September 2, 2015

Rooted as a Southern Writer

By Claire Fullerton

Recently I was called a “Southern writer,” which tickled me silly because my latest novel takes place on the western coast of Ireland, and as I’ve spent the last year mentally, emotionally, spiritually, and creatively enmeshed in the magical land of my forebears, I had to take a step back and think about this classification.

I will say this: as a Southerner, I’m a dead giveaway. I speak in the regionally specific, rolling tones of what’s known as the Delta accent. All my childhood friends do, because the Delta accent is passed down generationally along with the family china; it’s a tribal source of identification, lyrically revelatory of one’s place in the world. And a Southerner is definitely tethered to a place in the world, and there are many Southern loyalists who stand fiercely beside them no matter the change of venue or the passage of years.

The fact is I grew up along the bluffs of the Mississippi River, in a town so peacock proud of its place that it gave itself the moniker “The River City” and fashioned a bridge to stretch across that legendary watercourse in the shape of the letter “M” as if staking claim of ownership in skywriting. Memphis is a city with every right to be proud of its legendary artists, yet it is its artists that extol their affiliation with the historic city. I am not perplexed by this; I think I know exactly why.

If you come from Memphis, you’re a thread in a particular fabric, and its people will never let you go. You could move to Mongolia and put down roots, but no Memphian would ever take it seriously. I happen to know this without question: although I am now long in California, I am still in the flow of a rhythm gifted to me at birth. When something of significance happens in Memphis, I am connected to a grapevine that makes its vibrant livewire straight to me. In a land where you’re indelibly one of us, what happens to one affects us all, world without end, amen.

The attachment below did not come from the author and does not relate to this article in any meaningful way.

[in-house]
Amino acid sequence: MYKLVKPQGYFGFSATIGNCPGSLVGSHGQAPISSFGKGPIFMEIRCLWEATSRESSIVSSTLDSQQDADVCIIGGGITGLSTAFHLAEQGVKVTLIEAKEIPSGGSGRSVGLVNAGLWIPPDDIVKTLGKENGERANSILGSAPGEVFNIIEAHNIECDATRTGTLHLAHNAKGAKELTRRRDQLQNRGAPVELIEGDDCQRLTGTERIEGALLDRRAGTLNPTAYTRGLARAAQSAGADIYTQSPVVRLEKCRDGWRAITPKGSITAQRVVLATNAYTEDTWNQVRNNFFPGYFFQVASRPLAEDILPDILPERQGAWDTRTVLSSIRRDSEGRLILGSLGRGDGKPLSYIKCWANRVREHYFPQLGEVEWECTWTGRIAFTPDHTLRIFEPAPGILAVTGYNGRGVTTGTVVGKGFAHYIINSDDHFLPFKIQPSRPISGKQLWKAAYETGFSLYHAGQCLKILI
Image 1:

But it’s not any different in Ireland. After spending a year there followed by subsequent visits, I started to feel I was Irish myself. I grew compatible with the region and comfortable with the Irish culture—so much so that there’s a part of me cordoned away that sees the world through Irish eyes.

I think a writer has to be fluid with the idea of wearing different hats. I think they have to possess the ability to slide in chameleon-like to whatever grabs their fancy and immerse themselves fully until it resonates. If they do, they can get about the business of doing what they do best and put the experience into words.
Claire Fullerton is the author of “Dancing to an Irish Reel” (Literary Fiction) and “A Portal in Time,” (Paranormal Mystery), both from Vinspire Publishing.  She is an award winning essayist, a contributor to magazines, a five time contributor to the “Chicken Soup for the Soul” book series, and a former newspaper columnist. Claire grew up in Memphis, TN and now lives in Malibu, CA with her husband, two German shepherds and one black cat. Currently, she is writing her third novel, about a Southern family. She has appeared recently on Author Visits blog hosted by Susan Reichert editor-in-chief of Southern Writers Magazine. She can be found on social media at  and

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